New London Architecture

Enfield launches intergenerational housing competition for BAME-led teams

Monday 27 July 2020

David Taylor

David Taylor

Editor, NLQ

Enfield Council and Metropolitan Thames Valley Housing have launched a design competition for emerging, local and BAME-led architects, designers, community groups and artists to propose innovative ideas for intergenerational living.

The competition backer said that intergenerational living is a concept based on the idea that residents of different generations, such as school-age children, young adults and older residents, live together and share resources, skills and offer each support. Intergenerational housing – both wider housing developments and individual households – can thus help to build ‘more robust and resilient communities’.

The competition seeks innovative thinking and high-quality designs - of both individual homes and the housing development - to find ways of building stronger communities, tackle social isolation and bring neighbours together so that ultimately, people across Enfield have access to a wider network of social support.

Interested parties can enter the two-stage competition by entering here. The deadline for entries for the first stage is 4pm on Friday 7 August. Shortlisted entrants will be asked to develop high-quality proposals, explaining how their designs will bring communities together.

Enfield Council leader Cllr Nesil Caliskan, said research shows that in the UK the number of homes with more than one generation living in them is on the rise, with the Coronavirus outbreak acting as a significant factor in bringing families together.

“There are enormous social benefits from encouraging families to live together for longer but we need to make sure that the homes that we provide are fit for purpose and meet the needs of our residents.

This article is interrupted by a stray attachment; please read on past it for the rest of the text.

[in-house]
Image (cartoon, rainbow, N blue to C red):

"This competition will enable us to harness the creativity and skill of the brightest minds to help tackle one of the single most difficult issues we face in providing housing today – how do we build genuinely inclusive developments that create a real community spirit in which residents look out for each other.

“I hope this project will enable us to identify and work with emerging local practices, including those that are BAME led to tackle this burning social issue.”

Geeta Nanda OBE, Chief Executive of Metropolitan Thames Valley Housing, said: “We’re delighted to be working with Enfield Council on this innovative project, which will help to produce deliverable ideas for how we can help more people to live well together for longer.

 “During the pandemic, the benefits of a decent, secure and affordable home have never meant more to people. By thinking about how we can build more homes that support people of different ages to live well together, Enfield Council and MTVH will be at the forefront of efforts to create more sustainable homes and communities.”



David Taylor

David Taylor

Editor, NLQ



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